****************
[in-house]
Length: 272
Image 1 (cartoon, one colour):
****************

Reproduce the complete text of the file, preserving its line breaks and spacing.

[in-house]
Length: 272
Image 1 (cartoon, one colour):